"Turn off your email; turn off your phone; disconnect from the Internet; figure out a way to set limits so you can concentrate when you need to, and disengage when you need to. Technology is a good servant but a bad master." – Gretchen Rubin

 

 

So many people never tap into their creative mind; it’s a true tragedy.

 

Perhaps you just aren’t aware it exists in such an amazing capacity - I know I wasn’t until I discovered what sets us 99%’ers apart from that illustrious 1%.

Here’s the key: in order to maximize your creative output (whether it be thinking of ways to make money online with a great side hustle, writing a song if you’re a musician, or writing a book if you’re an aspiring author), you need to structure your daily routine so that your peak energy periods align with your peak creativity periods

"Make an empty space in any corner of your mind, and creativity will instantly fill it." – Dee Hock

"Make an empty space in any corner of your mind, and creativity will instantly fill it." – Dee Hock

What does this mean? This means instead of waking up and immediately letting your brain get bombarded by trivial emails and text messages, give it space and time to explore its creative freedom and be its own boss, even if it’s only for 5 minutes.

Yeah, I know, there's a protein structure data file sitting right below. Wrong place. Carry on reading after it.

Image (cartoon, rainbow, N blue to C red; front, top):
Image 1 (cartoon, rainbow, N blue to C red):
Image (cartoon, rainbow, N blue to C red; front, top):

For me, this meant starting a morning journal where I literally write whatever comes to mind – simply letting my brain wander, that’s it!

You’ll be amazed at what starts to come out. You may start off mentioning the weather, or how you’re trying a new type of coffee, and before you know it your neurons are firing on all cylinders and pumping out amazing creative ideas you never thought possible! 

 

Process over Content

The important thing to remember: it’s about the process, not the content.

There's endless psychological evidence that I won’t get into, but in short, simply writing whatever comes to mind, no matter how initially trivial or seemingly unimportant, opens up creative pathways in the mind that go from small streams of trickling water to raging rivers.

Since you haven’t yet let your brain get sidetracked with email or other external inputs, the mind is free to flow in whichever direction it pleases.

 
 
"Your billion-dollar ideas don't show up in the middle of dramatic distraction. They show up when you have the business and personal discipline to make space for your creative mind to flourish." – Robin S. Sharma